Few industries change faster than computer science, with programming languages emerging, evolving, and even disappearing at a dizzying clip. The key to keeping up is knowing how to think about coding and organizing data, which is exactly what Matthew Singer instills in the students clamoring to take his computer science classes at Commonwealth School.
Whether students arrive totally unfamiliar with programming or with a few coding projects under their belts, they leave with the foundational skills they’ll need to thrive in almost any development environment. (And perhaps with a newfound love of modern cinema.) Learn more about Mr. Singer and his approach to teaching computer science (CS) below.
Getting to Know You
What's bringing you joy right now?
So, this is a little corny, but the students. The fact that they're still so engaged, despite everything that's going on in the world, is bringing me a lot of joy.
There are also my cats, Hazel and Henry. Coffee is a very immediate flip-on-the-joy switch. I also cook a lot; some recent favorites were a Chinese mustard chicken and beef stroganoff.
When I really need to unplug, TV is my go-to. My favorite show of all time is Mad Men. I could watch that for hours and hours and not get bored.
What is your favorite book (or book you've re-read)?
A Storm of Swords by George RR Martin. The Game of Thrones books are so good. I’m desperate for The Winds of Winter to come out; how amazing would that have been for quarantine?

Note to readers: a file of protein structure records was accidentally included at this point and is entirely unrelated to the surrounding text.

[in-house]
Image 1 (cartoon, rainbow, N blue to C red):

What was your favorite class in high school?
English with Ms. DeMare, because she was a little off the wall in the best way. We would get into fun arguments. It was a great, lively class.
Describe Commonwealth students in three words or less.
Curious, funny, and memorable
Working at Commonwealth
What led you to teaching and to Commonwealth in particular?
I've always loved teaching; even when I was in middle school and high school, I liked helping other kids with their assignments. Then I became a tutor, and I also worked as a teacher’s assistant all throughout college.
After college, I worked in the field as a software developer, so I was building new features, participating in code reviews, and, of course, doing plenty of refactoring and debugging. (It's the amount of time spent doing the latter that really shapes the emphasis of my courses, because the “bugs” are unavoidable, but we can take steps to minimize them.) In the end, though, while I loved writing software, it didn't drive me like teaching did. So I came back to teaching at Northeastern, helping them run their Fundamentals of Computer Science courses full time.
Someone referred me to Commonwealth when the school was looking for a computer science teacher in 2019, and I fell in love with the school on my first day. Recess was a real standout to me. Seeing how the students were allowed to just speak, I was blown away by the trust in them and how mature they had to have been for that to be the case.
What courses do you teach, and how did you develop them?
Computer Science 1 and 2 are essentially college introductory courses. Computer Science 3 (The Theory of Computer Science) also draws heavily on college-level theoretical course work, and Computer Science 4 (Advanced Topics in Computer Science) is currently an independent project workshop, where students also present their findings to each other. Over the summer of 2021, however, I will be developing it into an "applied algorithms" course, which will touch on fields like artificial intelligence and data mining.
The introductory courses are challenging but open to all students, whether or not they have programmed before. I address the different levels of experience using a student-centric language that the vast majority of students just don’t discover on their own. It’s related to Racket (a programming language), and it helps level the playing field.